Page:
As I was trying to figure out what to write about today, I came across this article. It’s a fairly good short — note the short — description of some of the problems writers fall into when sticking to worldbuilding tropes. I don’t necessarily agree with all of them but, as with anything, if you rely on tropes too much, your run the risk of turning your work into something much too predictable to maintain steam.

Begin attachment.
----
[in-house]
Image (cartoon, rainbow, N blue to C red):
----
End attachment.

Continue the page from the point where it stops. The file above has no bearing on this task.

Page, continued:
But what the article really started me thinking about is how you maintain an overall story arc — and keeping your characters in, well, character — over the course of several books or a lengthy series. It is a problem you see in books, movies, TV shows and even gaming. You want your characters to grow. You want to have them suffer as well as have joy. But, if you want to keep your readers happy and not have them throwing the book — or game or whatever — across the room, you can’t have them acting one way in one installment and then turn them into something completely different in another. Or, if you do, you have to have a pretty darned good reason for doing it.